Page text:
Top 7 Mac Command-Line Tools Anyone Can Appreciate

David Morelo
Mac O’Clock
Published in
5 min readDec 2, 2022


Warp terminal emulator running Neofetch

The Terminal app in macOS is a gateway to the exciting but potentially intimidating world of command-line interface (CLI) tools. A large collection of such tools is already included with your operating system, allowing you to manage your files, ping a remote host, edit text files, and much more.

While the built-in command-line tools are largely overlooked by most Mac users, who gravitate toward GUI apps, there are some third-party CLI tools that anyone can appreciate and use on a regular basis. Here are my favorite ones.

Note: The screenshots below were created using the Warp terminal emulator app.

1. Homebrew


Install command: /bin/bash -c “$(curl -fsSL"

If there’s just one command-line tool all Mac users should install, it’s Homebrew, a package manager that makes it easy to install new apps and keep them updated.

To start using it, simply paste the install command above into the Terminal app. You can then install just about any app using a simple command:

brew install firefox

Updating all apps installed using Homebrew in one go is as easy as:

brew upgrade

2. ncdu


Homebrew install command: brew install ncdu

Mac storage space is a precious commodity, so you don’t want to waste it on files you don’t need anymore. Yes, there are stunning GUI storage space analyzers like DaisyDisk or GrandPerspective, but you can just as painlessly (and sometimes more quickly) analyze your storage space using the good old ncdu.

Because ncdu doesn’t have a graphical user interface, it can be used to find space hogs even on remote servers (that’s actually what it is designed to do)—try that with DaisyDisk!

3. yt-dlp


Homebrew install command: brew install yt-dlp

There are many ways to download videos from YouTube, and one of them is yt-dlp a command-line downloader based on youtube-dl and youtube-dlc that lets you fully customize your download settings and circumvent geographic restrictions.

It can, for example, download a video in a specific audio/video format, download only a certain section of a video, split a video by chapters, download entire playlists, extract subtitles, and much, much more.

Of course, you can also just download a single video in the best quality available using the following command:

yt-dlp -f 'bv*+ba' “”

4. Taskwarrior


Homebrew install command: brew install taskwarrior-tui

Countless to-do apps have been developed over the years. Their developers are constantly trying to one-up one another when it comes to usability and features, but many of them end up beaten by a command-line tool that’s been around since 2008.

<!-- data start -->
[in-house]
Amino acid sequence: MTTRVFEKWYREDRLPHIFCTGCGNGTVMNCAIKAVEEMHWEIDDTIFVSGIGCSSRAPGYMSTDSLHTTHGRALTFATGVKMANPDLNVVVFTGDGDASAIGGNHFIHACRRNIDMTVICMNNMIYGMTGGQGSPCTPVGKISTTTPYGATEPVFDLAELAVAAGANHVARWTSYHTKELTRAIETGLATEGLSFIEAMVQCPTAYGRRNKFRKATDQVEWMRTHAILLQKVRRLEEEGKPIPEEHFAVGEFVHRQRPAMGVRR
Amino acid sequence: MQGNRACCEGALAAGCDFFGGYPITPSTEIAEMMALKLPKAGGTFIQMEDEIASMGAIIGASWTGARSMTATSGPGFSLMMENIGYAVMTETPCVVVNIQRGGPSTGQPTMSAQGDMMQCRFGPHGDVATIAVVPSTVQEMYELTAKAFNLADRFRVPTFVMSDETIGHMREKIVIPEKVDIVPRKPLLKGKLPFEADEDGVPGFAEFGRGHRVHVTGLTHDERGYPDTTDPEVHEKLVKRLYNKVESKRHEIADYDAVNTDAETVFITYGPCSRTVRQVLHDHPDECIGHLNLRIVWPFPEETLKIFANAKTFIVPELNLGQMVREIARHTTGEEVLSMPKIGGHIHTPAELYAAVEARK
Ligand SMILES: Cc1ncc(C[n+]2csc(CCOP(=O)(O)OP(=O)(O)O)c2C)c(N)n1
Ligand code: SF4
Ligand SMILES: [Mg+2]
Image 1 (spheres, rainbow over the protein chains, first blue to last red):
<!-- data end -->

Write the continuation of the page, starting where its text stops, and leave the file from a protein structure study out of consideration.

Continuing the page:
Indeed, Taskwarrior shows that you don’t need a fancy user interface to get things done. You just need a flexible, fast, and unobtrusive solution to keep you on track. To see how tasks can be managed using the command line, I recommend you read the official Getting Started guide.

5. Pandoc


Homebrew install command: brew install pandoc

Do you sometimes need to convert files from one document file format to another? If so, pandoc has you covered. this command-line document converter supports everything from Word processor formats like DOCX and ODT to HTML, PDF, TeX, and ebook formats.

There’s really just one pandoc command you need to know for basic conversions:

pandoc -o output.html input.txt

6. ranger


Homebrew install command: brew install ranger

It’s possible to manage files in the Terminal using commands like cd, ls, and mv, but it can be a slow and frustrating process. Fortunately, there are CLI file managers like ranger. This elegant tool provides a nice interface that makes it easy to browse available directories, select files, and open them using appropriate apps.

I personally use ranger when managing my Raspberry Pi-based home NAS, but there are many people who use it as their main file manager.

7. aria2


Homebrew install command: brew install aria2

aria2 is a lightweight download manager that supports HTTP/HTTPS, FTP, SFTP, BitTorrent, and Metalink downloads. It’s designed to speed up your downloads by fully utilizing all available bandwidth and prevent large downloads from failing and not being possible to resume.

When used as a BitTorrent client, aria2 barely uses any CPU power, and its memory usage is negligible as well. If you have an aging Mac with not much processing capacity to spare, then this is the downloader to get.

Do you know any command-line tool for Mac that all users can appreciate? Please share it in the comments!



David Morelo
Mac O’Clock

I’m a professional tech writer who likes to help people live their best digital lives.